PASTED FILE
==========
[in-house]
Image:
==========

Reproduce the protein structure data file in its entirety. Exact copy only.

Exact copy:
[in-house]
Image: